I began my career as an environmental advocate 20 years ago working on open space and wildlife preservation in Southern California. Then, as now, one of the most consistent threats to those open spaces, big and small, is housing development. Not high-density and transportation-friendly urban development, but housing built far from urban centers—and without even a hint of public transportation.
And then, as now, one of the biggest opponents of protecting open space, endangered wildlife, and water resources is the housing industry or, more specifically, home builders. The National Association of Home Builders is a constant political force in Washington, pushing to weaken the Endangered Species Act, the Clean Water Act, the National Environmental Policy Act, and a host of other environmental regulations.
So when I saw President Trump’s most recent Executive Order, “Establishing a White House Council on Eliminating Regulatory Barriers to Affordable Housing,” alarms started going off. Then I saw Secretary of Housing and Urban Development Ben Carson’s op-ed in the Washington Post touting the measure included a prominent reference to the National Association of Home Builders—a not too subtle tip-off of the real agenda behind this effort. Sure enough, the order is not limited to affordable housing at all. Instead, the Trump administration has ordered the federal government to take comprehensive stock of all “regulatory barriers” that “hinder the development of housing” and make efforts to “reduce and remove” those barriers.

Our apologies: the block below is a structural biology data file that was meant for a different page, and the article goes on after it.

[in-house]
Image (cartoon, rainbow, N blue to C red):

What are some examples they highlight?
- Wetland or environmental regulations
- Historic preservation requirements
- Rent controls
- Labor requirements
- Energy and water efficiency mandates
- Parking requirements
There is, to put it mildly, a lot of room for mischief in this long list of rollbacks. What are the odds that the Trump administration looks at those regulations that may truly be standing in the way of poor and underserved communities getting more access to clean, safe, accessible, and affordable housing? And what are the odds that, instead, it targets “wetland and environmental regulations” or “historic preservation requirements”?
With the Home Builders whispering into Ben Carson’s ear, I fear we are going to need to fight some truly awful ideas.